Environs Kimberley is working with Kimberley communities to develop a culturally meaningful conservation economy through the Wattleseed Collective.
The Wattleseed Collective last year trialled its first commercial-scale wattleseed collection with Traditional Owner and ranger groups in the West Kimberley, laying the foundations for an annual harvest and sale of this nourishing bush food.
After developing a pilot product of wild-harvested wattleseed to secure buyers, the Collective now has significant demand from First Nations-owned stockists, so the harvest will need scaling up.
The Collective is being established as a social enterprise, so that eventual profits go back to the collectors, and to pay for the equipment, facilities and systems required.
The Sustainable Communities team has been working alongside EK’s Kimberley Nature Projects, which uses a two-way science approach to conserve threatened species and ecosystems and protect cultural heritage. Community collectors use traditional and environmentally sustainable methods and receive industry-specific training to build the capacity to produce a viable product.
“Like the highly successful Indigenous Rangers Program, the Collective promotes healthy people on healthy Country,” said Tahnee Carter, Sustainable Communities Project Officer.
“Karajarri people, like many other First Nations groups across Australia, know Lirrinngkirn (wattleseed) to be a valuable traditional food for people, used to make flour.”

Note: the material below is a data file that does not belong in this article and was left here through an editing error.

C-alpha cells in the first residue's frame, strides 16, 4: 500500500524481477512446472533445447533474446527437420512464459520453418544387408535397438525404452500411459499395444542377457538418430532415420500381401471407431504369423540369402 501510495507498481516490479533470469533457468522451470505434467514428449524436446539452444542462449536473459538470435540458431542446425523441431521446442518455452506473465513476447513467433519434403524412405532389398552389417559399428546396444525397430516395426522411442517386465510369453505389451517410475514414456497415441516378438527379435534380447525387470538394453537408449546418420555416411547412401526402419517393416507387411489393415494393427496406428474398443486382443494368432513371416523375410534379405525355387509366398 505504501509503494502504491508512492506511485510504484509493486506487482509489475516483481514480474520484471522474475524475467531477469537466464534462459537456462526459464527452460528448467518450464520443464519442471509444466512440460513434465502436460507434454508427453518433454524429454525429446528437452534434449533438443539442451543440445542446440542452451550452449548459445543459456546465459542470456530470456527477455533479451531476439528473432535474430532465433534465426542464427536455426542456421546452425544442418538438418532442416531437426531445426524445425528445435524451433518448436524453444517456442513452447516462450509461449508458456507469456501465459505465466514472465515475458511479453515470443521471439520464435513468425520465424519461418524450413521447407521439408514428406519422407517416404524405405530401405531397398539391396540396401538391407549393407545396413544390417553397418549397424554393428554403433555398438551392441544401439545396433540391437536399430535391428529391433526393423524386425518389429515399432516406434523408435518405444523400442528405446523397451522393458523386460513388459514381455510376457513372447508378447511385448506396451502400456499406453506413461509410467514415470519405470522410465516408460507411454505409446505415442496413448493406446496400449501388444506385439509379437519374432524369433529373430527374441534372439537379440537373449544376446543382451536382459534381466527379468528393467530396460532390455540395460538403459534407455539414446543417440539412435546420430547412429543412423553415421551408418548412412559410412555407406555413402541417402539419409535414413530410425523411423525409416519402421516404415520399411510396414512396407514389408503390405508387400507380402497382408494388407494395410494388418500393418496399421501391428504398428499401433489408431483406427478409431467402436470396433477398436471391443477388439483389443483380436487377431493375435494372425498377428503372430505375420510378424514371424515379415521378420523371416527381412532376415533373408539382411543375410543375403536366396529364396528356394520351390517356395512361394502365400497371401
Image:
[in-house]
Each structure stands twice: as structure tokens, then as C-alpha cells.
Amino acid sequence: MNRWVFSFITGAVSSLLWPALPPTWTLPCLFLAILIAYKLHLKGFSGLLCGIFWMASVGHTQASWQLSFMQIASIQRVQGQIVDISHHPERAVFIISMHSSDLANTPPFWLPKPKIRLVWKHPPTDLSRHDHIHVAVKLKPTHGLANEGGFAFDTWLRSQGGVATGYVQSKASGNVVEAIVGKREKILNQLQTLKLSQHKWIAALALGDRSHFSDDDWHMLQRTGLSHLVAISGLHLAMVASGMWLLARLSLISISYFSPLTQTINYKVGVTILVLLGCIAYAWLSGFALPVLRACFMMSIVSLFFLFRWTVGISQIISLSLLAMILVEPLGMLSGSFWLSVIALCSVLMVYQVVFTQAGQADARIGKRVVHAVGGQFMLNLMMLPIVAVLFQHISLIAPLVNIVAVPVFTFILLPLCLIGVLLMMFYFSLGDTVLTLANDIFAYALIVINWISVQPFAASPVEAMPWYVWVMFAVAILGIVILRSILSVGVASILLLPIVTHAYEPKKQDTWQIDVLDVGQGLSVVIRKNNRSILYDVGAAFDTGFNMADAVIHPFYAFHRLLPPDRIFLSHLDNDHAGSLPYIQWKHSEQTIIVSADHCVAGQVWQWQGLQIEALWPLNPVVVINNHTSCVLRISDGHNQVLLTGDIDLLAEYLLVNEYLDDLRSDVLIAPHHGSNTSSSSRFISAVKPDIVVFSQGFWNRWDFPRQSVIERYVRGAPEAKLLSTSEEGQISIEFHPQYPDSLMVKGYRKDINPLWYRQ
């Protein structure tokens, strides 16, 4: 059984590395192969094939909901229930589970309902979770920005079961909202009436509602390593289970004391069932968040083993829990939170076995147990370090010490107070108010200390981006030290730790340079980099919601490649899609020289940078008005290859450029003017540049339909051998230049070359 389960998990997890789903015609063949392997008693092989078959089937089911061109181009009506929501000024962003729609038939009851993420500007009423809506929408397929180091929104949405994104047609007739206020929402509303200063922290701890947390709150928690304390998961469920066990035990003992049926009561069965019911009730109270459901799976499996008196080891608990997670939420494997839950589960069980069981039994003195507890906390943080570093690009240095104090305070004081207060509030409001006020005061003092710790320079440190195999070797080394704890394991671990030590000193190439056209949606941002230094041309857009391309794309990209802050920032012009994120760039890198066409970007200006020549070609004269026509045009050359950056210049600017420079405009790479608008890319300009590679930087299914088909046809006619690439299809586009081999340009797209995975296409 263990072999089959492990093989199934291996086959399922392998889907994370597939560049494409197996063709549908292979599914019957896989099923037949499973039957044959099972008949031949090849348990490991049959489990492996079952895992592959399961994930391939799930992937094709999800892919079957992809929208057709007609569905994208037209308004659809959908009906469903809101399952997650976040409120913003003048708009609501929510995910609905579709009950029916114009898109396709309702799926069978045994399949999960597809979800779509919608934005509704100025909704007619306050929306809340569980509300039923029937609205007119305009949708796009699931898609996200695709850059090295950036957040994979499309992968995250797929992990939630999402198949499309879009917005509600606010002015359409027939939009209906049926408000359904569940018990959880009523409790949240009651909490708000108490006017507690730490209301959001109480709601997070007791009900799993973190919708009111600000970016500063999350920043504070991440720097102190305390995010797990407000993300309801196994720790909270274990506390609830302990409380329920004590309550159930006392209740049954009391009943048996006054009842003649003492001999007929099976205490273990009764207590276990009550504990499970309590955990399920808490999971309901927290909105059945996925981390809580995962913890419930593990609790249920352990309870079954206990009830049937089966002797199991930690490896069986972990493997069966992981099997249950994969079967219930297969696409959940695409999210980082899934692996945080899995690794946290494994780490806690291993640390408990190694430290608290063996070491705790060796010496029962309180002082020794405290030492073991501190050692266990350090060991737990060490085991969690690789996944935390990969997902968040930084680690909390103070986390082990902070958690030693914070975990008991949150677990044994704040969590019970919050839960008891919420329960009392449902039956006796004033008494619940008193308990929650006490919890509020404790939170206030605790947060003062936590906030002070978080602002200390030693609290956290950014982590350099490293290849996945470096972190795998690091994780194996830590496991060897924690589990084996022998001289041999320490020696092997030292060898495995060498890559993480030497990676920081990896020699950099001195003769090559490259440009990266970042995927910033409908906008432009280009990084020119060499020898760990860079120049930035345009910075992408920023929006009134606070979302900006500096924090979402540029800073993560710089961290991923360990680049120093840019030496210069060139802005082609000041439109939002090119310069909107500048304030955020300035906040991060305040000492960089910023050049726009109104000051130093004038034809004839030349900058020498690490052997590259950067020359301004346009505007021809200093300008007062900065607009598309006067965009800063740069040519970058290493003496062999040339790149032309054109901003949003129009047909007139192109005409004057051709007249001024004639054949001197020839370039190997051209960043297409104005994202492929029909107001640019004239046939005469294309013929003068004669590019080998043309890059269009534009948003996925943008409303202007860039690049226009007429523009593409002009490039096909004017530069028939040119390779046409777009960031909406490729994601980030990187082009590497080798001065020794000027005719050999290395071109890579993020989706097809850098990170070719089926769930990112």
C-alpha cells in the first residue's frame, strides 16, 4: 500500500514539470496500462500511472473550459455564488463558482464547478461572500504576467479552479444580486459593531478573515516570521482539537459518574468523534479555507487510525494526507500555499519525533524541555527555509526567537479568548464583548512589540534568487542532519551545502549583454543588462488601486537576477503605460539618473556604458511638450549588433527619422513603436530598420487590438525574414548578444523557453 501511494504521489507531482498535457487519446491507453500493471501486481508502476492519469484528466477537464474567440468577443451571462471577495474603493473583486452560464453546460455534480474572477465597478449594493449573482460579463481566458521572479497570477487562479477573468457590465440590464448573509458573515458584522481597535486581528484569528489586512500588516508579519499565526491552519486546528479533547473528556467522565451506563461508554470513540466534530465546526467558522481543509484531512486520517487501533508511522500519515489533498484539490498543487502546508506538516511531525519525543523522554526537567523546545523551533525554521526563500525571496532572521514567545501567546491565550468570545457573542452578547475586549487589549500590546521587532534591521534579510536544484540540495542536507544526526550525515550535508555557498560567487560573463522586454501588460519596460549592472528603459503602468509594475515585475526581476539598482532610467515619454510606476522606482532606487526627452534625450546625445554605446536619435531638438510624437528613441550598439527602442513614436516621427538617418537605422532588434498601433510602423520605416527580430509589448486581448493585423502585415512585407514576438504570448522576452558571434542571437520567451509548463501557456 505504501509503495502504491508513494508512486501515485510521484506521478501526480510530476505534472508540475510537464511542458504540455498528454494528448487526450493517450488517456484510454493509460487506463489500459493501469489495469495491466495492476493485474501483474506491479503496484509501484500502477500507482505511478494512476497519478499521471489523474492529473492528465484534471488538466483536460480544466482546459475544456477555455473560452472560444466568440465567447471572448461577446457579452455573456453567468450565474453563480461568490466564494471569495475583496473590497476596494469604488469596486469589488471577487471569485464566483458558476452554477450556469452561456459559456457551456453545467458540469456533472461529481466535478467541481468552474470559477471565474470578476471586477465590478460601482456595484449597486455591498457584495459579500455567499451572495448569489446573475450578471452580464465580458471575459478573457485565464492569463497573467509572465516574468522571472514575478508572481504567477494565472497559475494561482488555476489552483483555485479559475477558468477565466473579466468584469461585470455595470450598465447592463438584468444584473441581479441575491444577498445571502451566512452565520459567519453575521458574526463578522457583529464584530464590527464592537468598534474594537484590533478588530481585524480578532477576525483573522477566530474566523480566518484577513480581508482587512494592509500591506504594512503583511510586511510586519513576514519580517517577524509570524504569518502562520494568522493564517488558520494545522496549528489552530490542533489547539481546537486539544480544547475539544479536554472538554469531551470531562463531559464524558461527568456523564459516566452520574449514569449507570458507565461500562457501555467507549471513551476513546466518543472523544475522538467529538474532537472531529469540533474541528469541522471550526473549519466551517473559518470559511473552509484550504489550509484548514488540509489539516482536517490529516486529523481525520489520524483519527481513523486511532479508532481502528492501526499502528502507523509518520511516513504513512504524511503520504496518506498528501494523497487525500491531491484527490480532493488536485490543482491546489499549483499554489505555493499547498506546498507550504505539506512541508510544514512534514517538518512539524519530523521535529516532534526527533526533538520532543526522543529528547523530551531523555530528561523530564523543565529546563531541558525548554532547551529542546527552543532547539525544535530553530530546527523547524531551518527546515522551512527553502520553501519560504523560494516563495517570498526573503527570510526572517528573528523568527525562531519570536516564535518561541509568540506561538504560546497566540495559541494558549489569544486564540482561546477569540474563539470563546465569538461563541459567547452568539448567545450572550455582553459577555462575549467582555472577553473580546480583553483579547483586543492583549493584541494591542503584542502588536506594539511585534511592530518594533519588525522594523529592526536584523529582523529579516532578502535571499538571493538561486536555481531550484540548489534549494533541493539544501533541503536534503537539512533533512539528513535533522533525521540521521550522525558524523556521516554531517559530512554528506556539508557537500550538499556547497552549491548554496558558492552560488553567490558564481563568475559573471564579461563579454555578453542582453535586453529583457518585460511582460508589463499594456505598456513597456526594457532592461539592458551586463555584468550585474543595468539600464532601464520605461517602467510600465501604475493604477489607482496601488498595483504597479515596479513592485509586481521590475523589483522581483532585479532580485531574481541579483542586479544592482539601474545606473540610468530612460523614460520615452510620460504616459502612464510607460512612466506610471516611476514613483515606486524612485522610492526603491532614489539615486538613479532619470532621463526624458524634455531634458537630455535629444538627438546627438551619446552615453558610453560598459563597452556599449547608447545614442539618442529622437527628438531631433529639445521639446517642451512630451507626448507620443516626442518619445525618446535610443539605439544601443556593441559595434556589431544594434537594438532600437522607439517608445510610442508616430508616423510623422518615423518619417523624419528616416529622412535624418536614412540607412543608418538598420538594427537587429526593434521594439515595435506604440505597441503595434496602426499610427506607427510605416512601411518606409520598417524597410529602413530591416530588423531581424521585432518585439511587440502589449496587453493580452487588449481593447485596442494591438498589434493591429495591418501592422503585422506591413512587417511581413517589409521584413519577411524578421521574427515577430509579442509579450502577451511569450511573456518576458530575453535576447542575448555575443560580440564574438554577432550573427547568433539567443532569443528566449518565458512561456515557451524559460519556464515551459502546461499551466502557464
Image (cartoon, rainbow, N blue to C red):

“This ancient, protein-rich superfood is high in dietary fibre, antioxidants, iron, potassium, and healthy fats, lowering the sugar levels of the food with which it is combined,” said Ms Carter.
“The Wattleseed Collective will make this healthy bush food accessible in First Nations communities and throughout Australia.”
"As we approach the wattleseed harvest time, a two-week intensive period usually beginning in September, the Collective is seeking supporting funds to facilitate the wattleseed harvest throughout remote communities across their traditional lands, spanning a linear distance of more than 530km."
"The funds will go toward wages for facilitators working with each language group, and the costs for vehicles, food, fuel, and Elders’ time."
"There is significant momentum within groups to join the Collective and participate in an economically and geographically accessible enterprise. The wattle grows locally, and the seedpods are removed on Country, giving the seeds a high value to weight ratio."
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Environs Kimberley is a not-for-profit organisation working with communities for 26 years to protect the nature of the Kimberley in the remote north of Western Australia.
Wattleseed harvest: Two-week intensive community collection usually beginning late September
Poster for communities: Makem Money Collecting Wattleseed
Banner Photo: Tahnee Carter
Wattleseed (Acacia colei). Photo: Camera Story
Makem Money Collecting Watttleseed Poster [Plain English]. Design: Tahnee Carter. Photos: Camera Story